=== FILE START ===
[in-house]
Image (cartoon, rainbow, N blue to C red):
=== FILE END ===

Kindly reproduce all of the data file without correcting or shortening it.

[in-house]
Image (cartoon, rainbow, N blue to C red):